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Posts Tagged ‘poverty’

Being a Bumpkin

October 10, 2016 | by

Three new books try to untangle the Gordian knot of white-trash identity.

From the cover of Hillbilly Elegy. 

Scan the headlines and you’ll find that everyone’s talking about how the white trash have made their presence felt. The white trash support Trump; the white trash are losing ground; the white trash should be honored by the government for their hard work and sacrifices; the white trash are continuing to redirect their aggression at other racial minorities instead of the robber barons who exploit them.

But who exactly are these people, these trashy whites who have found themselves, in the words of sociologist C. Wright Mills, “without purpose in an epoch in which they are without power?” Read More »

Kicked Toward Saintliness

January 21, 2016 | by

On the dark erotics of Jean Genet’s Our Lady of the Flowers.

From a German edition of Our Lady of the Flowers.

On September 11, 1895, the deputy chaplain of Wandsworth prison wrote a worried report about one of his new charges, Oscar Wilde, who had been transferred from Pentonville two months before. “He is now quite crushed and broken,” the chaplain recorded:

This is unfortunate, as a prisoner who breaks down in one direction generally breaks down in several, and I fear from what I hear and see that perverse sexual practices are again getting the better of him. This is a common occurrence among prisoners of his class and is of course favoured by constant cellular isolation. The odour of his cell is now so bad that the officer in charge of him has to use carbolic acid in it every day.

The possibility that a famous author had been driven to masturbating during his internment in Wandsworth would not have reflected well on the prison’s authorities, who immediately denied the charge and changed the indiscreet chaplain’s assignment. One wonders how they would have reacted to Jean Genet’s short film Un chant d’amour (1950), which the French author, playwright, and criminal directed in collaboration with Jean Cocteau soon after writing the last of the five novels that earned him international fame. Midway through the film, a poker-faced prison guard peers one at a time into a row of cells, each of which turns out to contain an autoerotic peepshow more wild, graphic, and uninhibited than the one before. A convict rubs his exposed member against the wall of his cell; a smiling bather lathers himself lasciviously in soap; a young black man, one of the many dark-skinned figures in Genet who appear to their white observers as sexual threats, dances with a tight grip on his open-flied crotch. Read More »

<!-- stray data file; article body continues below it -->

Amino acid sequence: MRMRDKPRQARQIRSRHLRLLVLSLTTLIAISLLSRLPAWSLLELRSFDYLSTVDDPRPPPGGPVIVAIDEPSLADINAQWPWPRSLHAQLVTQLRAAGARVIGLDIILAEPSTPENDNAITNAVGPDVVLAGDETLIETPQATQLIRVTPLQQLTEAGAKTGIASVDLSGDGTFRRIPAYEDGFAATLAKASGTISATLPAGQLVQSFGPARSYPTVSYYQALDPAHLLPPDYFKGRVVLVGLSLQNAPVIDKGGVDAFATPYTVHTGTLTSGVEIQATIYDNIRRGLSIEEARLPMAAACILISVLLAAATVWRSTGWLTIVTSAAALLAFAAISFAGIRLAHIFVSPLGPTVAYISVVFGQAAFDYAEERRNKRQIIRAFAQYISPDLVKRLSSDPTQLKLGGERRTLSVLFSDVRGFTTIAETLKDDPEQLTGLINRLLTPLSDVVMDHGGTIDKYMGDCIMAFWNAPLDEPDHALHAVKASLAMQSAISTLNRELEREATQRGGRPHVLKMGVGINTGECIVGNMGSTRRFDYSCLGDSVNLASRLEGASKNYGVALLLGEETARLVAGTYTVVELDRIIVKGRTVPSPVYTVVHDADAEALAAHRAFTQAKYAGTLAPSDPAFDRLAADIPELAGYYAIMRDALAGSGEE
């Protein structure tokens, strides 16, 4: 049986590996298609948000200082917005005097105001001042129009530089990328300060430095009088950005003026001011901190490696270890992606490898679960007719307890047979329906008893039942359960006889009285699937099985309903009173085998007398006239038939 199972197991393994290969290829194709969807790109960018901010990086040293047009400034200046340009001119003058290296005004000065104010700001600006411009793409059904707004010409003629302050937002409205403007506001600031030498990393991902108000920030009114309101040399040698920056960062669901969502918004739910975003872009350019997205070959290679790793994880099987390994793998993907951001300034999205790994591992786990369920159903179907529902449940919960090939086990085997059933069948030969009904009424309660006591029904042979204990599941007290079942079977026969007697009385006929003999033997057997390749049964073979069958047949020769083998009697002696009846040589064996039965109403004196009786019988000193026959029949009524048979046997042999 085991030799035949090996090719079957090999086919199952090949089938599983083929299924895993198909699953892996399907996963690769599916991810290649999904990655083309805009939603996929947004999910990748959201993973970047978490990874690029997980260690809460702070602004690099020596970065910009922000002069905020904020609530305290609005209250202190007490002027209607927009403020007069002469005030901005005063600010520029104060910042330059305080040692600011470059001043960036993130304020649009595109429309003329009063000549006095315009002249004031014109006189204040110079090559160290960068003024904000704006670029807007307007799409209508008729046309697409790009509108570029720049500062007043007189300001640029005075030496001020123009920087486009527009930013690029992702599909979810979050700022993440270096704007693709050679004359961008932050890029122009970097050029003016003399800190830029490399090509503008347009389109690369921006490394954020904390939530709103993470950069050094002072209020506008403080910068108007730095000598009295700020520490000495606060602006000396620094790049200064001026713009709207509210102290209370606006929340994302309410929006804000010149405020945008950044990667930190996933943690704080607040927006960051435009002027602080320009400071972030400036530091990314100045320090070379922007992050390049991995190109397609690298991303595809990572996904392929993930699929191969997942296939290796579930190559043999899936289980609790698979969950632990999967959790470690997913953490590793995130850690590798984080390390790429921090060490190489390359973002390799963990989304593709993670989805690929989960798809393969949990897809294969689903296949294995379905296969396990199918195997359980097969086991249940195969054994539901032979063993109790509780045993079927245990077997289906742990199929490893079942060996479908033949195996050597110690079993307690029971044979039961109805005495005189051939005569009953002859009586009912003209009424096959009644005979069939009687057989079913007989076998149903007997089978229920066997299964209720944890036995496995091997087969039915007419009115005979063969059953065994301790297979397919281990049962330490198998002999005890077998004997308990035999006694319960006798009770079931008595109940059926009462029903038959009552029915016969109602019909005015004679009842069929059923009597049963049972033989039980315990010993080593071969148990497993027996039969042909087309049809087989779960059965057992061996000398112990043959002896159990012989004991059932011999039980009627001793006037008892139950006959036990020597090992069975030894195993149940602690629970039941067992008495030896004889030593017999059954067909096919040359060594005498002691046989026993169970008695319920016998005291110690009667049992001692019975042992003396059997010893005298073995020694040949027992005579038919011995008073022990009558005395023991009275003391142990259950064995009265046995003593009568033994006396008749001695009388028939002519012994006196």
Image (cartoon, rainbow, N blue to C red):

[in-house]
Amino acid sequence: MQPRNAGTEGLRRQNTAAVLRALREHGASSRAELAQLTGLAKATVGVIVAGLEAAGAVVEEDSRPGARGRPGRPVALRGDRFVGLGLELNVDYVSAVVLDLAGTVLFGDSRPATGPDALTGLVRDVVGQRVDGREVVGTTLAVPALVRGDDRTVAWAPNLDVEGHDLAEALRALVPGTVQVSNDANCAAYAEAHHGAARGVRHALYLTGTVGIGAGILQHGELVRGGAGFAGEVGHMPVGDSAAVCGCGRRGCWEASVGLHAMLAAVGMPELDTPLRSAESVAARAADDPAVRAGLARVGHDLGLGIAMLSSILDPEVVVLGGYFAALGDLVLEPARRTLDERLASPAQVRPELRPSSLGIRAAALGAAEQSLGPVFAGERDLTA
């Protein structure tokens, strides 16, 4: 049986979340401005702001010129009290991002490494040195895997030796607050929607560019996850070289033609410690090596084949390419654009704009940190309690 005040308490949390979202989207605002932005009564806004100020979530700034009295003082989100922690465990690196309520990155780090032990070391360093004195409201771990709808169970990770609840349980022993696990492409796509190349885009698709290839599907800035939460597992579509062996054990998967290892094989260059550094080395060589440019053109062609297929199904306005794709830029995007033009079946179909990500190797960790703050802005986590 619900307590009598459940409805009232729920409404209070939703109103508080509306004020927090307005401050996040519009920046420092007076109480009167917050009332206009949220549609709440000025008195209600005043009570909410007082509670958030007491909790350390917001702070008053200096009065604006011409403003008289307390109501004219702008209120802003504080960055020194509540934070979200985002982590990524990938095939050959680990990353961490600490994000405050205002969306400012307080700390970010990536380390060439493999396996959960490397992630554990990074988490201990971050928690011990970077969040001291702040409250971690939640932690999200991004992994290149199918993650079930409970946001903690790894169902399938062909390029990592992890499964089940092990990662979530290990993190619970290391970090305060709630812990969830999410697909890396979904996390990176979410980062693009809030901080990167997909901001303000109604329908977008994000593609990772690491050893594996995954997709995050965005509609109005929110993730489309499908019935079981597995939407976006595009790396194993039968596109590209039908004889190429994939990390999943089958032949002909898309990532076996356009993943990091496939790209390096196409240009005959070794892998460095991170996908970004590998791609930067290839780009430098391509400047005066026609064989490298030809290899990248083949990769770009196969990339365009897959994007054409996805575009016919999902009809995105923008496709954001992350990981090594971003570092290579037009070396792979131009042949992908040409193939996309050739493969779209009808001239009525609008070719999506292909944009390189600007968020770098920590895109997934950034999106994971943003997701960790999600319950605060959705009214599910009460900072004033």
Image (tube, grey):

Idle Bird

December 31, 2015 | by

We’re away until January 4, but we’re re-posting some of our favorite pieces from 2015. Please enjoy, and have a happy New Year!


Vincent van Gogh, Coalmine in the Borinage, 1879.

Van Gogh finds art in the Borinage.

In October of 1879, Theo van Gogh went to visit his brother, Vincent, in the Borinage coal-mining district of Belgium. Theo was en route to Paris, where he had business to conduct as an art dealer; Vincent was doing self-appointed missionary work. The pair walked along an abandoned quarry that reminded them of a canal they’d frequented as children in Holland, but now there was an undeniable rift between them. Theo, upset by Vincent’s appearance—he had given away nearly all of his clothes to the miners, and had ceased bathing—told him, “You are not the same any longer.” He felt that Vincent was wasting his time in this squalid place, and suggested that he leave to take up a different trade.

Angry at his brother’s inability to understand him, Vincent wrote a letter to Theo on October 15 that would be the last for ten months. The brothers had been writing letters to each other almost unceasingly since 1872, when Vincent was nineteen and Theo fifteen. This would be the first and deepest rupture between them, a silence that would never repeat itself. Referring to Theo’s accusation of “idleness,” Vincent wrote with bitterness, Read More >>

Writing Is a Nefarious Business

November 10, 2015 | by

“Have you been doing anything you shouldn’t, William Carlos Williams?” asks the venerable women’s-hour host Mary McBride. 

“Writing for forty years!” replies the poet with alarming jocularity. “That’s a nefarious business, you know!” Read More »

Kafka on the Shore Stage, and Other News

August 10, 2015 | by


From Kafka on the Shore. Photo: Takahiro Watanabe